News & Articles
Browse all content by date.
It’s High School graduation time, and what a joy to be remembered by a young person you can’t recall ever meeting. Did she work at that restaurant? Was he the bag-boy of several years back? Well, they remember you, and you remember the “cheap” label stuck on those who honored your graduation with a $5. A $20 is probably the least to give these days and just as probably the current definition of “cheap.” A $50 is likely a safe amount to put in a card, but I’d wager strong that $100 is what’s expected.
Did your era send out grad party invitations offering food and entertainment? As I recall it mine did not. My father would have had a fit over the expense. A few people stopped by the house. As family bar keeper I served a half dozen highballs made to a standard of my own devising. The recipients (except for a persnickety female) approved of my use of ingredients. I was a no-nonsense barkeep appreciated for a keen limit on ice and mix. Why stand duty doing three drinks when one would do? The year before at New Year mother made a special request for a martini. I obliged. She finished that drink in time to reach the floor. It was strange seeing her down there making odd and raucous laugh noises. Though young and inexperienced I formed the strong opinion that adults could at times be difficult to predict. With a dead chicken mother was reliable, a known quantity. With a martini, well, who knew? With “Busha” (my grandmother) there for the event and our Priest stopped by I modified my use of ingredients to a thimbleful of Southern Comfort in a tall glass of ginger ale. I might otherwise have given her another super martini, but father said if I put mother on the floor again I was a dead boy. Rather than spoil my graduation by being killed I cooperated.
The family party angle when I graduated high school must have been fairly loose because a “bunch” of us colluded on an after midnight graduation bash at a cabin. If not entirely equal to having got a piece of paper earlier that day the graduation bash was certainly a significant event in my mind. The “bunch” of us turned out to be three guys, and quite odd a social slowpoke as I was would be in the trio. I’ve no memory of whatever lie I told to get away, but once “Busha” went to bed (early as par for the elderly) my event was over leaving a clear runway for me to sail down. The effort and expectation were far grander than the actuality of drinking tepid beer until 3AM in a several hour test of kidney function. I passed with more or less flying colors I regretted the next day when we took the three hour drive from the Range to the Shore. Highway 1 was quite a snake dance those days. With a queasy stomach the trip was less than a delight. For some reason father chose to remind me of the previous New Year and for some other reason I chose to play dumb. People speak highly of family communication, but at times it is far best to go mute even if the sullen teen version is anything but pleasant at either end.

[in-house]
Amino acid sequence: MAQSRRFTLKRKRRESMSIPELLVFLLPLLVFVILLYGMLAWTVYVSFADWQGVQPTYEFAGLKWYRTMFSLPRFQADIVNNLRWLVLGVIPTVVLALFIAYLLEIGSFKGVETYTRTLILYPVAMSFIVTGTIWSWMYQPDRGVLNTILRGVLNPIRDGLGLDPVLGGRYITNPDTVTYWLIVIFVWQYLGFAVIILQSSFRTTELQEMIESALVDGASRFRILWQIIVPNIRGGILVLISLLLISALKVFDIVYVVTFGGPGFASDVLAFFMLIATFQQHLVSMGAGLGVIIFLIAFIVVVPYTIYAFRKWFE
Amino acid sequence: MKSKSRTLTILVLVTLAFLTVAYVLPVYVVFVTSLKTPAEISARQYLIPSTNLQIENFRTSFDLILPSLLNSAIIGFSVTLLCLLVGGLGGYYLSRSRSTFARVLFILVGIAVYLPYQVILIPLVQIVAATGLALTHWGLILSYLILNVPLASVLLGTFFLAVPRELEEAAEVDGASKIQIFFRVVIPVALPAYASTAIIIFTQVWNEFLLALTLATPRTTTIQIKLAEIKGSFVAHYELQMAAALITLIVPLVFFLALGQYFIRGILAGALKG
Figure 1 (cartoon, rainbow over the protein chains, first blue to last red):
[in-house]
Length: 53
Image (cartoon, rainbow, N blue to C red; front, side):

Progress is change, but not all change is progressive, or so it seems as I look at the recent graduation things I’ve witnessed. You’d think that a half dozen students called up for recognition of certain achievements would step forward looking somewhat better and more adult than the three stooges times two. Casual is nice. It’s a fine thing that people can be relaxed and be themselves. It was nice to see that quite a few of the children had clean feet and that others were boldly self-confident enough to wear their pajamas to a public ceremony. It is possible the value of preserving and honoring self-esteem reaches a useless or dysfunctional limit when slovenly disregard is an acceptable standard. It’s wonderful that a person shows self-confidence. I get that, but in the past eccentric disregard for situational propriety was reserved for those with accomplishment other than a firm grounding in sloppiness.
Is it ironic that a lessening of some convention is called social progress while insistence on other conventions is called the same? Readers from other areas might wonder why an out-of-the-way location such as the North Shore has any “play” in the game. But, being aside or off the main drag is what gives perspective you won’t find in the midst of rush hour on a freeway. I know a good many of my neighbors are essentially isolationist in inclination. I personally find that tendency risks being shortsighted; of possibly waiting too long before taking action. When is the time appropriate for reminiscences and quips about graduation to become harsher questioning of standards? I doubt most especially want contention. We don’t want to fight, but if a graduating class looks and acts an awful lot like the Bozo Brigade you really might wonder to what standard they’d been led.
We should wonder because in small ways and large there is much to question and be concerned about. How did we reach a point where too many see labeling and name calling as an acceptable standard of discourse in a civil society? Fascist and racist are tossed about with the same fervor and same effect as Nazis’ using Jew as a damning epitaph. If the new fascism is found in calling others fascists you might find its roots in the happy-go-lucky of feel good education and wishy-washy standards. The aim should not be to achieve the lowest denominator but, rather, to know and have mastery of the low, high, and middle. In short being a casual slob in political thought doesn’t require much. Being a thoughtful, informed citizen requires more than an ability to call names and proclaim victory in areas one is otherwise ignorant.